In contrast, Lydia Bennet is young, immature and blinded by the idea of being admired. Elizabeth Bennet, on the other hand, refuses to marry for money, and only considers a marriage with mutual compatibility. Consequently, Jane Austen’s Pride and Prejudice focuses on women and their distinct outlooks regarding marriage throughout this era. Charlotte Lucas is a character that gives the most accurate representation of why women marry during this time period. She is a grown, educated woman who lacks beauty and economic stability.
Thus, unlike the characters around her, such as the sneaky minister or the greedy lovers, Hester is the one character who lives by reality instead of appearance. The best example of this is her lifestyle before and after she is shunned. Before her exile, Hester recognizes the unjust nature of the laws around her. She refuses to follow them and present a façade of perfection and happiness. When Dimmesdale demands that she name her baby’s father and promises that her sentence will be lightened as a reward, Hester steadfastly refuses (Hawthorne, 1850).
Lucy exclaims "But I am persuaded, if you wish to lead down the dance of life with regularity, you will not find a more excellent partner than Mr. Boyer. Whatever you can reasonably expect in a lover, husband, or friend, you may perceive it to be united in this worthy man" (Foster 27). This shows how Eliza is expected to be contented and settle down with a decent man and in return be a good wife just like women of the 18th century were indeed likely to do. However, Eliza breaks the widely accepted expectations for women in this time period, which leads to her downfall. The novel presented how women who break out from the norms and push themselves in the boundary of what is only acceptable will meet their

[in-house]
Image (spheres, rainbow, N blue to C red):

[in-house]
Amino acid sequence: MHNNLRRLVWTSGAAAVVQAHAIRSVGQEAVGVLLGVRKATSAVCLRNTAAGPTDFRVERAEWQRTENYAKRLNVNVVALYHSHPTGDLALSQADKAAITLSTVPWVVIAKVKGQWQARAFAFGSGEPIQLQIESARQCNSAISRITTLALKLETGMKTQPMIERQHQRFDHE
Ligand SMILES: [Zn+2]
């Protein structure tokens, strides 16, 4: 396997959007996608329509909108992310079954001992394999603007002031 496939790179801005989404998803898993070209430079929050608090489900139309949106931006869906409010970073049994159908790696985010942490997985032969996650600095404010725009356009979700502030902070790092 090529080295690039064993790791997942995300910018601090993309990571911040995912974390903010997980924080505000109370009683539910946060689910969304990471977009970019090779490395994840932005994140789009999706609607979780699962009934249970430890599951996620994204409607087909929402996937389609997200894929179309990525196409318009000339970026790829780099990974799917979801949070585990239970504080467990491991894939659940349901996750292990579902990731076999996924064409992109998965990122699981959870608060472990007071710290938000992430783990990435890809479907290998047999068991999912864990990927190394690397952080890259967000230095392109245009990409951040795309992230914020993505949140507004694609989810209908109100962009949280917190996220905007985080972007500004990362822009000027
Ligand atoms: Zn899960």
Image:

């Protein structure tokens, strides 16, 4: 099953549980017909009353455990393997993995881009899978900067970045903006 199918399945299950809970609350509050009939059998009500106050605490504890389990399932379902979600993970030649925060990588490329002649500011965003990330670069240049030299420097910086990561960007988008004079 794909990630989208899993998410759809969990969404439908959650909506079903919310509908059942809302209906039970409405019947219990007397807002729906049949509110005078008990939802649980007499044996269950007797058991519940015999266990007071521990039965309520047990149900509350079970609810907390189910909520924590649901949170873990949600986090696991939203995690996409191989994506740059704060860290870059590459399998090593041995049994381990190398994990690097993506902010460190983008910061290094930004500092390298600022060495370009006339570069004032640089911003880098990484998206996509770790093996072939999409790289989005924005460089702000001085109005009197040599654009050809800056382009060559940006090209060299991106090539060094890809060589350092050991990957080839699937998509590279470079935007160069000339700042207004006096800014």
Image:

The two girls in the yellow dresses are admiring Jordan, the golden girl, and are jealous of how amazing she looks. Fitzgerald wrote in his novel "Did mother get powder on your old yellowy hair?" (p. 111), talking about Daisy daughter. The only time Daisy’s daughter came into the story Daisy treats her like an object and did not treat her like her daughter. Daisy's life revolves around Daisy, allowing her daughter to come around only when she wanted her to.
During the time period of the novel, women and girls were expected to act “ladylike”. They dressed up in fancy outfits such as dresses, and never wore overalls or breeches, which is what Scout prefers. Girls were stereotypically seen as weaker than boys, and Scout’s brother, Jem makes it evident to Scout when she is acting like a “girl”. Jem shames her by stating, “Scout, I’m tellin’ you for the last time, shut your trap or go home-I declare to the lord you’re getting’ more like a girl everyday!”(Lee 69). When Dill and Jem come up with the idea to walk to the Radley house and look through the window, Scout declares that she thinks it is a bad idea and she begins questioning them.